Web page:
It is hard to imagine things can carry on this way much longer. A week after Belenenses’ 8-1 victory at Salésias, the SAD side faced giants and local rivals, Sporting. With tickets readily available, the away fans made the short trip across town in numbers. With the sun beating down on the several thousand Sporting fans decked out in green and white, it looked as if they had come to watch their team play in a meaningless pre-season friendly at a local lower-league team.
As Sporting’s hardcore support set up their banners and waived their giant flags behind one of the goals, there was no one for them to antagonise at the opposite end. The opposing stand was closed and empty, the remnants of the home side’s most vocal support confined to one of the corners where a few great blue flags were being waived solemnly and silently.
One of these flags bore the famous red cross of the Cruz de Cristo (Order of Christ). The cross is one of the national emblems of Portugal and is historically linked to Belém, the starting point from where Portuguese ships set out on their voyages of discovery with the cross emblazoned across their white sails.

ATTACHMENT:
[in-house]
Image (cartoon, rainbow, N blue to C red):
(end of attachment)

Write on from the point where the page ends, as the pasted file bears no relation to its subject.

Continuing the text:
Since Belenenses has existed, the cross has been used as a symbol of the club, and is incorporated into their crest. The cross continued to feature as the club logo on the shirts of the SAD side, until a court injunction in March banned them using the iconic emblem. The ban had immediate effect and the SAD club were obliged to come up with a new logo overnight, eventually opting for a red letter ‘B’ with a turret motif meant to represent the Tower of Belém. Replica shirts featuring the new logo aren’t available in the club shop – because there isn’t one.
The fans who opted to follow the Belenenses club into the depths of the lower regional divisions could be forgiven for having wry smiles across their faces when they saw the final result from the Jamor stadium: Belenenses SAD 1-8 Sporting CP.
By Gareth Thomas @gareththomas54